In my recent readings on open pedagogy and instructional design, an idea that resonated with me was that openness requires an ecosystem: the effort to create open resources and open pedagogy is just as critical as the effort to support, curate, and share those resources and practices. Bates (2019) argues that these resources “cannot successfully exist in a vacuum” (p. 594). He suggests that one reason OER has seen a slow adoption rate is the relative lack of supporting materials compared to commercial products. Developing open pedagogies is more than “licensing and content development” (p. 590); it requires an ecosystem of support. To thrive, openness needs people who not only plant the seeds but also nurture and cultivate the environment surrounding open practices and resources. In a blog post explaining the nature of the commons, Bollier (2011) aptly asserts that “there is no commons without commoning” (para. 5). Educators can work hard to create open resources, and they can choose to share them with permissive licenses. However, without a framework to help those resources grow, they may never have an opportunity to take root and see the light of day. To address this need, Stacey (2018) suggests that one area the Open Education Consortium could focus on is developing these support frameworks. He states that “simply having a community and pool of resources is not enough. There needs to be a set of protocols, values and norms devised by the community to manage its resources” (para. 8). In my tentative steps into the open pedagogy landscape, I have wondered where to begin. How do educators discover open pedagogies, let alone contribute to them? What are the frameworks that exist, and in which mediums? How do educators learn to become stewards of the commons? As advocates of openness embrace the tenants of “share alike”—planting the seeds of open content—we also need to be able to get our hands dirty, add some fertilizer, pull some weeds, and nurture the ecosystem of open education.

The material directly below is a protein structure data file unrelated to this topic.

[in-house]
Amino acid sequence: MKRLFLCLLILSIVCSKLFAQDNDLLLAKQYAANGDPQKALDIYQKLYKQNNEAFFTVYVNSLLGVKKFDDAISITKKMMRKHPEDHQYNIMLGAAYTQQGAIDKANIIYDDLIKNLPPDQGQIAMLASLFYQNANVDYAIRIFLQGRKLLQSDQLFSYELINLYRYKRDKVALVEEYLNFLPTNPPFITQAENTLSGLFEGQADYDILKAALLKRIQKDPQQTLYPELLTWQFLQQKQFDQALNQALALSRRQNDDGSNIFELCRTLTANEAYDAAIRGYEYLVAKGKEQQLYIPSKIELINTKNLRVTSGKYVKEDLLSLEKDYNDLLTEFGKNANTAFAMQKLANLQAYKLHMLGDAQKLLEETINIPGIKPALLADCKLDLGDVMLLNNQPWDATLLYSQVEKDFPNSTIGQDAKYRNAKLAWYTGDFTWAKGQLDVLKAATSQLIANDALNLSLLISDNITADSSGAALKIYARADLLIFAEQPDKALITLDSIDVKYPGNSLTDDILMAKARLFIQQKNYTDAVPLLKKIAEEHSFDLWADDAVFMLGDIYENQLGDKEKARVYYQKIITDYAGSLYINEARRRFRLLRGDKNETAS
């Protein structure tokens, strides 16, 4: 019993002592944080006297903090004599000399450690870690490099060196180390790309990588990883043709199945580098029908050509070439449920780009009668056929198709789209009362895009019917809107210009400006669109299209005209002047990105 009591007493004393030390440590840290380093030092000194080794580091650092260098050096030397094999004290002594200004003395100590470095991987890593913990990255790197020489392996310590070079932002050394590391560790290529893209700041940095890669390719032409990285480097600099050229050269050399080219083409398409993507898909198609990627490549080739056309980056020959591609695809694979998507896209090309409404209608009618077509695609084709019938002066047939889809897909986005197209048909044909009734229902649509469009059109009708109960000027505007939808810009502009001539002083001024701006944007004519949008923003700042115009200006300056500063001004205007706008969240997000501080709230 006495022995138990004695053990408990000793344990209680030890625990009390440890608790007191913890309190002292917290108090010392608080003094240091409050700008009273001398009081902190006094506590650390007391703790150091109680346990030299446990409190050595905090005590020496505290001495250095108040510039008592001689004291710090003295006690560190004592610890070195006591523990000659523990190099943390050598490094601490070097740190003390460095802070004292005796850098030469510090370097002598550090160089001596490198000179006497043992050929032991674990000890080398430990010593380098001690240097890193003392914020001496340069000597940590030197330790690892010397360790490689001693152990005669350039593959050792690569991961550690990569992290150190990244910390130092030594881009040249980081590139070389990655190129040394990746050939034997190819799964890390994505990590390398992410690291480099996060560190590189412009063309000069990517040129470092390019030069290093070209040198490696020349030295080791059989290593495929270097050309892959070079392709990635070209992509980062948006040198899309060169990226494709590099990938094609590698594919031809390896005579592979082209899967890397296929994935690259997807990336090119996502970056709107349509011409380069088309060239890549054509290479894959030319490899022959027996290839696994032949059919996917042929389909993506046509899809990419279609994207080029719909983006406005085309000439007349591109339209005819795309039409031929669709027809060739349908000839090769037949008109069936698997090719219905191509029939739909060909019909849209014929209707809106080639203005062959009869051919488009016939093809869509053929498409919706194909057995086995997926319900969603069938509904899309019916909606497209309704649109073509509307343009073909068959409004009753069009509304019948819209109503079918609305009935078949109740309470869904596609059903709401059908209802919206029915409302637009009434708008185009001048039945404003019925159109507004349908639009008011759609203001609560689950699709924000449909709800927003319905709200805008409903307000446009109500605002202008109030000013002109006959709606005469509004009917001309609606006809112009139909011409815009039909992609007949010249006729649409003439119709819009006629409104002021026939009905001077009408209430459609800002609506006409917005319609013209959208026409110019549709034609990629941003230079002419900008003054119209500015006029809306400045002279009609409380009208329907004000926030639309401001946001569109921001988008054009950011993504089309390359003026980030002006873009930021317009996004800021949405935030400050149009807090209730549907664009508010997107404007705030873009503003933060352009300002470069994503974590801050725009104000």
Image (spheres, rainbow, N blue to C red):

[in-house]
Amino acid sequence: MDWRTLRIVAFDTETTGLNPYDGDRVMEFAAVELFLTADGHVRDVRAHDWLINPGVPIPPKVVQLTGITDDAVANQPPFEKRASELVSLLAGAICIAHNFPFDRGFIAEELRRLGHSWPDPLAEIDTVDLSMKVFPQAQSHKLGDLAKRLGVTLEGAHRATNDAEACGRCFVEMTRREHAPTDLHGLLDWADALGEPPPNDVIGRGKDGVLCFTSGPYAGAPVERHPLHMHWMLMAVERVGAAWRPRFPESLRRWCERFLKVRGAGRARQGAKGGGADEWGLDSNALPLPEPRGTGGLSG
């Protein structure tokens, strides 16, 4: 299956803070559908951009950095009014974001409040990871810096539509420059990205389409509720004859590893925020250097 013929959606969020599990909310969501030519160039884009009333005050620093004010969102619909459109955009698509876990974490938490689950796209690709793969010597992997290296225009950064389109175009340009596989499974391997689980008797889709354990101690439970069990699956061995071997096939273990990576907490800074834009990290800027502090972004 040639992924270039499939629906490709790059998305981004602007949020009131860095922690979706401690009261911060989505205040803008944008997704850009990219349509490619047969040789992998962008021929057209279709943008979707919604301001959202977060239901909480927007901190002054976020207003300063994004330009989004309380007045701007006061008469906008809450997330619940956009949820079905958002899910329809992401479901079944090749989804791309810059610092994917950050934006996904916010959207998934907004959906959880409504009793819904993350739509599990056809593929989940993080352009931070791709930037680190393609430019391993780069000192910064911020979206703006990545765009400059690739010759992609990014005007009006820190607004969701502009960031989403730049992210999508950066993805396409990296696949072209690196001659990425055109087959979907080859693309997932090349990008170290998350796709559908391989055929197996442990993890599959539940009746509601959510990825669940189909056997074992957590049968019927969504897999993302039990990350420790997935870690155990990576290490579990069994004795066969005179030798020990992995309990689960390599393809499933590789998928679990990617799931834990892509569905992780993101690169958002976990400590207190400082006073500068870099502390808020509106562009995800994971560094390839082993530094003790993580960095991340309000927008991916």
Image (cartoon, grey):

Bates, A.W. (2019). Teaching in a Digital Age – Second Edition. Vancouver, B.C.: Tony Bates Associates Ltd. Retrieved from https://pressbooks.bccampus.ca/teachinginadigitalagev2/
Bollier, D. (2011, July 15). The Commons, Short and Sweet [Blog post]. Retrieved from http://www.bollier.org/commons-short-and-sweet
Stacey, P. (2018, February 8). Global Education Commons Steward [Blog post]. Retrieved from https://edtechfrontier.com/2018/02/08/global-education-commons-steward/